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Good Samaritans flock south to help flood victims

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Marines help clean up a road damaged by Typhoon Hinnamnor in Pohang, Monday. Yonhap
Marines help clean up a road damaged by Typhoon Hinnamnor in Pohang, Monday. Yonhap

Volunteers feed displaced locals; marines, police and firefighters clean up typhoon-damaged region during Chuseok holiday

By Lee Yeon-woo

This year's Chuseok holiday, which continued from Friday to Monday, was one of the worst in recent memory for those who live in the southern regions. The four-day long weekend came right after the nation's southern coastal areas were hit hard by Typhoon Hinnamnor on Sept.

North Gyeongsang Province is one of the regions that was devastated by the major natural disaster.

Amid the despair gripping local residents displaced by the super typhoon, there were those who also went to help

Volunteers from all over the country arrived there during the Chuseok holiday and rolled up their sleeves to help the flood victims. These Good Samaritans sacrificed their own holidays to help those in dire need, working closely with the local governments in their rescue and restoration efforts.

As of Monday, around 35,000 people have participated in helping restore the area and supporting the flood victims. The number includes 6,640 volunteers and 18,337 soldiers, 3,320 firefighters, 502 police officers and various members of civic organizations, according to North Gyeongsang Province.

After Hinnamnor wreaked havoc on the southern region on Sept. 5, volunteers from all over the country went down to the area, cleaning away mud and picking up trash and other debris for a week. Some prepared meals for flood victims and some even brought their washing machines to share with other volunteers.

Firefighters helped drain the flooded factories of steelmaker POSCO, and special forces members who flew to Pohang Gyeongju Airport by helicopter helped throw away destroyed heavy home appliances such as refrigerators.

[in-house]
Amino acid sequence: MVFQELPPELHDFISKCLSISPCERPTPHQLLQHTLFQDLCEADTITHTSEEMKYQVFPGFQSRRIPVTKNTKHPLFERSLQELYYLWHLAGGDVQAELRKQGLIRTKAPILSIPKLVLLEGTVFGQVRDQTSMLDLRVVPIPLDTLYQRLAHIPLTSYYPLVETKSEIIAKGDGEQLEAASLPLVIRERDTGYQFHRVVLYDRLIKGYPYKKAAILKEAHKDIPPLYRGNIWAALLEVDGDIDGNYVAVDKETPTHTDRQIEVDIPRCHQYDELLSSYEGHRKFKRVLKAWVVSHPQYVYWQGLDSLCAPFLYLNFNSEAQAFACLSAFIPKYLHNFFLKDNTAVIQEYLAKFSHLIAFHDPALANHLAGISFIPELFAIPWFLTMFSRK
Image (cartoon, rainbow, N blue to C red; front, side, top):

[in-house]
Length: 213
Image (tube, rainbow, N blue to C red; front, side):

"We forgo our Chuseok holiday to put our best efforts into restoring the damaged areas. I hope our work will help the flood victims go back to their daily lives as soon as possible," Song In-ki, the president of the Republic of Marine Corps Veterans Association in North Gyeongsang Province, who volunteered in cleaning up the seashore, said Monday.

Civil servants from the local government also visited flooded regions and checked whether there were any inconveniences for the victims or other volunteers. On Chuseok day itself, Pohang City prepared food and ritual tables so that the displaced victims could honor their ancestors together.

Volunteers prepare meals for flood victims in a residential area in Pohang, Friday. Yonhap
Volunteers prepare meals for flood victims in a residential area in Pohang, Friday. Yonhap

North Gyeongsang Province announced that 3,933 out of 8,016 flooded spots ― such as apartment complexes, buildings, factories and roads ― had been cleaned up and recovered, marking a 49-percent recovery rate approximately.

However, more help recovering residential areas is needed as most of the already-restored sites have been concentrated in public facilities such as roads and bridges. The mayor of Pohang, which has suffered the worst damage across the country, asked Tuesday for more volunteers. The city estimated the amount of damage to be 2 trillion won ($1.45 billion).

"I sincerely thank the volunteers and soldiers who put their best efforts into repairing the damage despite the Chuseok holiday. To be able to return to our daily lives as soon as possible, we need more attention and help from volunteers nationwide in typhoon recovery efforts," Pohang Mayor Lee Kang-deok said.

One of the residents living in southern Pohang's Daesong Township expressed worry about the potential damage caused by even more upcoming typhoons and rains.

"I am getting strength and hope from the volunteers, soldiers and civil servants' devotion. However, we need more help and support from the government to prepare for the rainy season in autumn and potential typhoons in the future. We need to rebuild river levees and flooded housing."



Lee Yeon-woo yanu@koreatimes.co.kr


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